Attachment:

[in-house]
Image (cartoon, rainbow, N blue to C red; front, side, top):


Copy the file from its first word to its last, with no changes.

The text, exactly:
[in-house]
Image (cartoon, rainbow, N blue to C red; front, side, top):